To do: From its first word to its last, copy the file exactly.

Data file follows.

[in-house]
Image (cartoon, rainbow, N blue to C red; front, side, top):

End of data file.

[in-house]
Image (cartoon, rainbow, N blue to C red; front, side, top):